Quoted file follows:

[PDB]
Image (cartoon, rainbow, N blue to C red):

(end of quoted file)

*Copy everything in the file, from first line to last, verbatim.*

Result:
[PDB]
Image (cartoon, rainbow, N blue to C red):